To help provide timely information in manageable chunks about each car, we would be able to create learning assets that focused on the key areas of knowledge for each car:
- Driver controls
- Entertainment system
In each of these areas, we would have a subtle QR code that could be scanned and take the staff member to a comprehensive piece of eLearning relating to that area of the car.
Again as with the shoes idea, this concept could be designed in a way that so customers would be given access to the information they want about the vehicle they are looking at, before they go and ask a salesperson for more specific information from a sales person.
Taking the idea of on demand learning for both consumer and staff in the automotive sales industry, we would implement a more immersive solution by using AR (Augmented Reality) technology rather than QR codes. Hyundai actually already uses AR technology to provide eLearning to their consumers in regards to maintenance and use of their cars.
This same technology could be adapted to be focused on providing training material to staff on the various vehicles they sell as well as providing potential customers with a way to learn about the cars they are interested in without being tailed by a salesperson the entire time.
Idea 4: New employee induction
Employee inductions and onboarding is critical to engagement. Many organisations already provide their new starters with engaging eLearning inductions that are designed to build a connection with the organisation, and empower them to be self sufficient.
However, while completing eLearning at their desk is great, getting new starters get up from their desks to explore and learn about their new working environment is a great way to expand their induction experience.
Designing a “The Amazing Race” exploration experience around the office would be a great way for new starters to get familiar with their workplace, as well as getting them to learn things that are going to be useful in their day to day roles.
To implement this idea, you could have the final page of the online induction instruct learners to download a QR scanner and scan the first code which would be displayed on screen.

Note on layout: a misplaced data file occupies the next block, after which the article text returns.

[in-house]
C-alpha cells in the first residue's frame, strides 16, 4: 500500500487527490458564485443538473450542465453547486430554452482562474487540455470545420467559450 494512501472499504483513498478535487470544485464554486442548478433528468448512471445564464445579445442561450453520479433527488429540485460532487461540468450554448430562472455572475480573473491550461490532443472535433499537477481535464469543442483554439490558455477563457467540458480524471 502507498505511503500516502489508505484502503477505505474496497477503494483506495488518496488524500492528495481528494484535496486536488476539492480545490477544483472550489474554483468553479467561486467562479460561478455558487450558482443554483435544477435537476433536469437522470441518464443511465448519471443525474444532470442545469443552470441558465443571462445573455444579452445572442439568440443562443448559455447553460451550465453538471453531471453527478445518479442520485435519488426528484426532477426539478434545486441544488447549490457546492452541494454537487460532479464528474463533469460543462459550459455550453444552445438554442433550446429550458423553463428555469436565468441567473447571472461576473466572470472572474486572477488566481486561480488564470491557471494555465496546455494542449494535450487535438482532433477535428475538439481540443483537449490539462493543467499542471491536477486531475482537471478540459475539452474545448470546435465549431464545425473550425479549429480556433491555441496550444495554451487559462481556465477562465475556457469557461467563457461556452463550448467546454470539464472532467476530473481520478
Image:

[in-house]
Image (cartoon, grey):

From there, they would be taken to the instructions on where they have to go to find the next QR code in the building and complete an activity. At each location, the learner would scan the QR code, complete a an activity which would then give them the instructions on the location of the next QR code.
This concept could also be incorporated into an existing face to face induction strategy. This time, during the facilitated face to face session there would be certain times that a QR code would appear in the presentation. These QR codes would provide participants with “missions” to complete tasks around the office and the facilitator would be able to moderate who completes each the quickest.
Taking this idea even further, we would use AR to provide a really immersive experience. This would be great in organisations that are very tech focused as the audience would already be interested in technology and cool gadgets.Let’s say you started as an intern at Google. As part of your induction, you could have one “self exploration day” where you would be given a pair of Google Glass glasses. From there using an app and the glasses, you would be set various missions and tasks to complete over the course of the day which would help you learn about the various departments, amenities, meet staff, etc.
Idea 5: Contractor Site Safety Training
Many organisations that have multiple sites require contractors to complete safety and compliance training before being allowed to work at a location. This usually involves having to organise LMS logins, assign the required training and chase up ensure that training is completed before they are permitted on site. For contractors that may need to visit multiple sites in a short time, this can become a rather complicated web of eLearning and LMS reports.Instead, you could create a system of QR codes that are placed on signs at the entrances to your various sites. Upon arriving, contractors would scan these QR codes and be immediately taken to the relevant safety and compliance learning bites they need to complete before being allowed to work on site.
Once the contractor completes the required learning, the eLearning would generate a unique pass that included the contractor details and an expiry. They would then show this pass to reception of security to be allowed to begin work. The eLearning would also be able to send a notification to the HR team with the details of the contractor.
QR codes can be used in creative ways across a variety of industries. The key, as with all concepts and technologies, is ensuring they are implemented to deliver real value rather than the sake of doing something different.
I believe that given the trends in on-demand learning, microlearning and m-learning, there is an opportunity to explore how QR codes and similar technologies can benefit learners with a more seamless and accessibly learning experience.